Yiyi Wang is a senior student majoring in Fashion Design at Raffles Design Institute, Beijing and her graduate collection, Silk Life, recently won second place in the annual Raffles-BIFT fashion show (see interview with Academic Director, Vincent Rondia). Lynn Zhang of Design China sat down with the young designer to discuss life as a Raffles student, her graduate project and the inspiration behind it.
Tell us more about Silk Life. What inspired the collection?
Silk Life was inspired by the cocoon, the raw material for silk. The idea actually came to me as I was falling asleep; I was instantaneously filled by the sensation of rebirth associated with the cocoon. I also believe there is a cocoon in everyone’s heart waiting for a transformation to take place. This is the story I want to tell through my collection: a life lifted by rebirth and freedom. Also, the colour white always reminds me of the freshness of a lotus flower that has just emerged from water.
Originally, my design was much more exaggerated. I wanted to starch the fabric and create a flying silhouette; however, quite a few problems came up in realising this idea and compromises had to be made.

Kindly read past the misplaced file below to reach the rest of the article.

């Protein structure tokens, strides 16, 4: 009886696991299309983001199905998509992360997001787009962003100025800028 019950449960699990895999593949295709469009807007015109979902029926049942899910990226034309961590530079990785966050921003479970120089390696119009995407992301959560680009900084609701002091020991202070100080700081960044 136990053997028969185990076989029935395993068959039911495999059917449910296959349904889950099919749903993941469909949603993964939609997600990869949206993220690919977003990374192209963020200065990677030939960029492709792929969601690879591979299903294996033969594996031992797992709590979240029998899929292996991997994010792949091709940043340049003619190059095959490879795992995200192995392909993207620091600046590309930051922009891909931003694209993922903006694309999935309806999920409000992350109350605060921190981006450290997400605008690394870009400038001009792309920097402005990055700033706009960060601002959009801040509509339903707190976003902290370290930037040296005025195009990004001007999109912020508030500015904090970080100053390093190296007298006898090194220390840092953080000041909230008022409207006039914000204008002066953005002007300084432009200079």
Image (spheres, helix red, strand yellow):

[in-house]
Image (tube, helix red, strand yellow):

How are you influenced by the city you grew up in - Beijing?
I’m a stay-at-home kind of person, so I didn’t really feel a great impact from the city and I have never tried to consciously integrate Chinese elements into my work. Besides, there has been much too much effort to integrate Chinese elements into design but on a very literal and superficial level. I did, however, utilise traditional handicraft and crochet techniques, which were very popular during our parents’ generation. The crochet was hand-made with torn georgette and the untrimmed rough edges resemble the rough texture of a cocoon where a silkworm hides and waits for rebirth.
What are you most proud of so far?
I am not completely satisfied with anything so far. There are many obstacles in realising a collection or an idea, for example, how to handle fabric to achieve the effect I want. I prefer a simple, chic style, as well as creating a balance between masculine and feminine. These are all areas that still need to be explored.
How has studying at Raffles influenced your way of thinking?
Raffles emphasises inspiration, concept and the stories behind the design. We took courses that teach us how to find inspiration and to explore the unexpected like using sustainable materials; for instance, I once devised a fashion piece completely made from bamboo and hemp rope. The school also focuses on professional training like learning the necessary skills to build up our portfolio, how to find a target market, and how to promote our design work to different audiences via different platforms.
Where do you see yourself in the future?
I actually want to learn more about Japanese culture and, perhaps, use my design skills to open a business. Although I love design, I don’t have a strong desire to build a career directly around it. Instead, I would like to open up a restaurant or café that exemplifies strong design touches - a space where I can display my collections perhaps.